I spent about thirty-five minutes speaking with the three staff members who were present, enjoyed a cafe au lait, bought a prayer book in French, and bid them a fond “A dieu”. After retrieving my luggage, and thanking the gracious daytime desk clerk, for his steadfast help over the four days, I headed to Gare St. Lazare, for the journey to Rouen, from whence some of my paternal ancestors set out for L’Amerique du Nord, one day in 1650. So, this is a good point to look back on Paris.  I first made a brief stop here, with Penny, in 1982.  We were en route to Israel, and our Baha’i pilgrimage, so sightseeing was not on the agenda.  It was a mere transit stop.  This time, though, was planned almost to the hour, and I certainly took in a lot:  Montmartre (though not Le Moulin Rouge), Tuileries, Le Musee de Louvre, Versailles, Champs-Elysees, Le Tour Eiffel, Trocadero and L’Arc de Triomphe.  I enjoyed Petits Dejeuners aux pain, viande et fromage, a four course dinner at a Brasserie, another four course dinner at a Turkish restaurant, and a few kebab sandwiches here and there.  One rainy day, I wore my poncho. On the other rainy day, I pretty much stayed indoors or underground.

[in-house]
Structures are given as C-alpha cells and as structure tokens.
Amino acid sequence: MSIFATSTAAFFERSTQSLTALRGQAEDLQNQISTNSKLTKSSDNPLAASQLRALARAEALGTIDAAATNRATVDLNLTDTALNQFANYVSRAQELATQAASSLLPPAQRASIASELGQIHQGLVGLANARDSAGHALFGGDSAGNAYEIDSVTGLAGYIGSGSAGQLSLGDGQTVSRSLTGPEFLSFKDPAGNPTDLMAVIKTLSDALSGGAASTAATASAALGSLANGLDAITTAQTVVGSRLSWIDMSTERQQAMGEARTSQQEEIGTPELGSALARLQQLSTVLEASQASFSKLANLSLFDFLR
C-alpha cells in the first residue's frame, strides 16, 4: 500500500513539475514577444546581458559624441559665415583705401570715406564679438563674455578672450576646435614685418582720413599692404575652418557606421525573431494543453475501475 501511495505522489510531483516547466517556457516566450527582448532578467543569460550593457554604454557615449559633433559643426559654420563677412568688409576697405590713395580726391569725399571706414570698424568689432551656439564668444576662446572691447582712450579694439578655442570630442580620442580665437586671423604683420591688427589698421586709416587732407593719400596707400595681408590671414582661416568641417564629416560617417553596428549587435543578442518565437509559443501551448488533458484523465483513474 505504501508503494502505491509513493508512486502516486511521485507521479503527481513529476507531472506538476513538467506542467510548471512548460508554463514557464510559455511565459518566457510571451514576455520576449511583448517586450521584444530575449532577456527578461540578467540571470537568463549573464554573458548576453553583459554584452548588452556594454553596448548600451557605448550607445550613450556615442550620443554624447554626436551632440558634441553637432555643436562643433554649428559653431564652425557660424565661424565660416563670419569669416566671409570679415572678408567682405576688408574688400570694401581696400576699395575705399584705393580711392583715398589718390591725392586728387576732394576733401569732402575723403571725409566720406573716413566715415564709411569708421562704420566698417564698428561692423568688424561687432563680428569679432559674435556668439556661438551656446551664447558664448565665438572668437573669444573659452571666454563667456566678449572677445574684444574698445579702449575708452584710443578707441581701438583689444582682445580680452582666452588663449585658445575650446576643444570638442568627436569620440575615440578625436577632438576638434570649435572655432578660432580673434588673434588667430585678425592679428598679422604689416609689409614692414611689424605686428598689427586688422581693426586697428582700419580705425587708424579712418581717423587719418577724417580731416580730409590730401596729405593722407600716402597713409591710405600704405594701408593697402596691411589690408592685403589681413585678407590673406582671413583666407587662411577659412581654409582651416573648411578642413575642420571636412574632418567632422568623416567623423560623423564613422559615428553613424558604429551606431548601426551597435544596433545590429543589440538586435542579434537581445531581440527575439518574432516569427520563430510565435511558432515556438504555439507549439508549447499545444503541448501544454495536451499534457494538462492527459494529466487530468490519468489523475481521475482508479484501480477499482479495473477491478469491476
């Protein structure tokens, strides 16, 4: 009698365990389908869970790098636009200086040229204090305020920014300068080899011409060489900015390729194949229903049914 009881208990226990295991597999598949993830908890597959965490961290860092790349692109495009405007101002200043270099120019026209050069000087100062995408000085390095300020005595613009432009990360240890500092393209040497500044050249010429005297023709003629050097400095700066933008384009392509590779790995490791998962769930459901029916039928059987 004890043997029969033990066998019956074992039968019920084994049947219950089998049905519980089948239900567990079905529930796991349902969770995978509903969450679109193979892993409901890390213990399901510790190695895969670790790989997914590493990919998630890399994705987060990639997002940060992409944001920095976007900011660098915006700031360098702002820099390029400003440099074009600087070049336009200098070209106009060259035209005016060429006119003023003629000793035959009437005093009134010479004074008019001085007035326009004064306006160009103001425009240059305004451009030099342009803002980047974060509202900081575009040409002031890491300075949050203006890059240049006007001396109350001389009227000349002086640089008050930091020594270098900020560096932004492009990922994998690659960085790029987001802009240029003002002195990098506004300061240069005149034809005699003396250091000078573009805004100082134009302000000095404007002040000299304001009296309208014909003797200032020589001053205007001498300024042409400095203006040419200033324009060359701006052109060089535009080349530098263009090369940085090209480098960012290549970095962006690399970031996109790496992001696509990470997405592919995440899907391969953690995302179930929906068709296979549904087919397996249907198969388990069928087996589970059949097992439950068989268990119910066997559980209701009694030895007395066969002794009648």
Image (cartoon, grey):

I learned the difference between eating au place and taking my meal emportee. (It was usually 5 euros).  I learned that one should never, ever write on a France Pass rail voucher, before it has been cleared by the proper official.  I learned that, if the first three trains on the Metro are overcrowded, the fourth will afford sufficient space for a man and his household.  I learned that Paris is a supremely lovable place. Many thanks then, to the young lady at the Montmartre Tourist office, the clerk at Metro Station Le Peletier, the desk clerk at Hotel Victoria and the aforementioned real estate agent, for getting me to Hotel Monte Carlo, albeit in piecemeal fashion; to the manager of Hotel Monte Carlo,  his day clerk and the chambermaid, for arranging a most pleasant stay; to our tour guide at the Louvre and to the staff at Versailles, for their most informative explanations of these fabulous cultural repositories; to the restaurateurs, of establishments great and small, for unfailingly delicious fare, served pleasantly and to my Baha’i friends, for helping me add a spiritual dimension to my Paris visit and for connecting me with the friends in Rouen and Strasbourg. I leave you with this view of the French countryside near Vernon, west of Paris